World Endometriosis Week, running this year from March 3rd to 9th, aims to raise awareness of an often very distressing condition which affects up to 10% of females. It arises when endometrial tissue, which lines the uterus, occurs in other sites such as the fallopian tubes, ovaries, bladder or bowel. Each month this tissue behaves as it would in the womb, thickening and then bleeding, but the blood is trapped.
This eventually leads to the formation of scar tissue, and adhesions that can actually join separate structures together, along with an inflammatory action leading to pain, which may be mild or severe. If it’s less severe, women sometimes believe that it’s just normal period pain and it’s estimated that 50% of sufferers are unaware that they have the condition. But a diagnosis is crucial, especially as it’s thought to be the cause of up to 30% of cases of infertility.
Endometriosis is a chronic condition, but symptoms can certainly be markedly reduced (some women who have made dietary changes report complete relief). The keys that unlock the puzzle are its two driving forces, inflammation and high oestrogen levels.
Both can be efficiently addressed using a tailored diet, which will also boost immune function – endometriosis is also considered an auto-immune disorder – reduce toxicity, support digestive and liver function (the liver is responsible for breaking down excess oestrogen) and aid fat loss (oestrogen is manufactured in fat cells).
Eating foods that lead to insulin resistance – sugars and all refined grains, processed foods – will not only cause weight gain but also increase oestrogen production and inflammation. Sufferers are more likely to be sensitive to the gluten in wheat and pasta, while the fats in animal produce contains inflammatory, pain-causing compounds – in one study the women eating the most meat increased their risk of endometriosis by up to 100% – as do vegetable oils, trans/hydrogenated fats, fried foods, alcohol, coffee and again sugars.
Non-organic meat, especially poultry, can also have traces of antibiotics and hormone-disruptors, while the pesticides in non-organic fruit and veg, chemicals in commercial toiletries and plastics used in food wrapping, bottles etc also disturb hormonal activity. And all of these, together with food additives, overburden the liver.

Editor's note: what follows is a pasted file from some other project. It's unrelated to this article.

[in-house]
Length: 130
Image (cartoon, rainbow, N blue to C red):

It has to be said that this is a tricky dietary plan, and some attention will have to be paid to making sure that you get enough protein. Meat and dairy should be grass fed and limited, and pulses like beans and lentils – which would normally be the ideal replacement – also taken in moderation because they are phytoestrogens, though these plant chemicals can actually block the action of the stronger oestrogens made in the body.
Soya is the most phytoestrogenic of the foods and should probably be avoided, but one serving a day of other beans or lentils is fine. The mainstays of your diet should be fish and vegetables, especially oily fish with its Omega 3s and vitamin D for a potent anti-inflammatory and hormone regulating effect, and green veg with their ability to promote the excretion of excess oestrogen.
Women eating the most greens are 70% less likely to have endometriosis. Carbs in the form of vegetables and small amounts of wholegrains are a good idea because fibre is necessary for binding to oestrogen and moving it out of the body. Because it’s been fermented, natural yoghurt can be eaten daily – its probiotics stop oestrogen being reabsorbed in the gut and boost immune function.
Colourful vegetables and fruit, cruciferous veg, garlic, onions, ginger, turmeric and green tea all have oestrogen binding or anti-inflammatory properties. Vitamin B6 (fish, wholegrains, avocadoes, nuts) is vital for hormonal balance and the excretion of excess oestrogen.
The vitamin E and selenium in oily fish, Brazil nuts and sweet potato decrease inflammation, pain and heavy bleeding. The iron in greens and beans, beetroot, dark chocolate, quinoa and a little grass fed meat will replenish that lost in blood (eat a source of vitamin C with plant sources of iron to increase absorption), and magnesium (greens, nuts) promotes mental as well as physical relaxation, easing cramps and constipation. The zinc in seafoods and wholegrains is anti-inflammatory and central to reproductive and immune system health, and healing. Seaweeds are concentrated sources of all the relevant nutrients.
Gentle exercise is vital not only for fat loss but also to boost the detoxification and immune mechanisms as well as production of pain relieving endorphins, lower oestrogen levels and levels of the stress hormones which have an inflammatory action. Many sufferers find yoga, relaxation exercises, massage or aromatherapy helpful, and sufferers given acupuncture reported 62% less pain. If sex is painful, the advice is to try going on top and using a lubricant.
Supplements can be very useful here. Along with a high strength B complex and vitamin D, you could also try Pycnogenol (pine bark extract), shown to steadily reduce symptoms, and Green tea, which helps to stop new adhesions forming.
Taking resveratrol (naturally found in red wine) has been shown to decrease the number of new adhesions by 60% and their total volume by 80%, and 82% of participants reported a resolution of pelvic and menstrual pain. It’s also been shown to significantly improve the chances of conception. Turmeric and ginger can be supplemented for their powerful anti-inflammatory and antioxidant actions, while Agnus castus works to normalise hormone production.
• For more information, contact the Endometriosis Association of Ireland or visit www.endometriosis.ie